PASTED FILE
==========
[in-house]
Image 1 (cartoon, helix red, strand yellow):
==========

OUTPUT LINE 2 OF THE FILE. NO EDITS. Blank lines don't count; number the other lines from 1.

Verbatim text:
Image 1 (cartoon, helix red, strand yellow):